Court hears unemployment case of Blankenship's maid

By Steve Korris | Apr 3, 2008

CHARLESTON – Massey Energy CEO Don Blankenship didn't hire Deborah May as his maid or fire her, but she asks the West Virginia Supreme Court of Appeals to award her unemployment compensation because he overworked and mistreated her.

May pursues an unemployment claim not against Blankenship but against Mate Creek Security of Delbarton, which hired her and sent her to Blankenship.

Four times her claim has failed. At oral arguments April 1, her attorney, Kathryn Reed Bayless of Princeton, took a fifth and final shot.

Her opponent, Eric Kinder of Battle, tried to escape Blankenship's shadow. He pleaded that he did not represent Massey Coal or Blankenship.

Still, he caught the heat that some of the Justices radiated.

Justice Joseph Albright told Kinder that according to his argument, if Mate Creek paid May they didn't care how many hours she worked.

"Turn that coin over," Albright said. "What if she can't afford to quit?"

He said, "She had to work until it became unbearable."

Justice Larry Starcher said, "There just came a time when she couldn't take any more."

Justice Robin Davis said there was a unilateral change in May's job, and Kinder answered that the job didn't change.

Davis said, "I can't believe you stand here with a straight face and tell us her job didn't change."

May's attorney, Kathryn Reed Bayless of Princeton, reminded the Justices of evidence that Blankenship grabbed May, ripped a tie rack from a wall, and blew up over ice cream.

Mate Creek hired May in 2001, at $8.56 an hour. Her pay increased 30 cents a year later, but did not go up again.

For overtime, Mate Creek paid time and a half.

She quit in 2005 and filed for unemployment compensation.

A state employee, an administrative law judge, a review board and Kanawha Circuit Judge James Stucky all turned her down.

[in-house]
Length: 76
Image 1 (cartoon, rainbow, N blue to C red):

Bayless appealed, writing that May was compelled to quit "because of unilateral changes in her job, instigated solely by her employer."

May's duties expanded and her hours increased, according to Bayless. One week, Bayless wrote, May worked 33 overtime hours.

Once on a bus, Bayless wrote, Blankenship grabbed May in front of guests and told her to get off. Once, she wrote, he slung food she had bought and he grabbed her wrist.

Bayless claimed Mate Creek was related to Blankenship's Massey Energy, and that he was her supervisor all along.

Kinder responded, "In each proceeding below, Ms. May was disqualified from receiving unemployment compensation benefits because she voluntarily left her job without good cause involving fault on the part of the employer."

She quit because Mate Creek didn't grant a raise, he wrote.

At oral argument, Bayless said Blankenship got angry over a coat hanger and ripped a tie rack out of a closet.

Bayless said he left a note telling May she would get a call about it.

May wound up in a hospital, Bayless said, fearing a heart attack.

Starcher said it sounded like she could have claimed workers' compensation.

Albright said, "If you assume we are sympathetic to your argument, is it our function to remand with directions or draw our own conclusions?"

Bayless said the Justices should take it as they find it.

Justice Spike Maynard recused himself on the spot when it became clear the case involved Massey.

Justice Brent Benjamin listened to arguments and will participate in the decision, but he had to leave during the proceedings because of a family matter.

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